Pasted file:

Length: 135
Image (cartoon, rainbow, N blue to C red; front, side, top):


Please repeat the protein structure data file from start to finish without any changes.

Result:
Length: 135
Image (cartoon, rainbow, N blue to C red; front, side, top):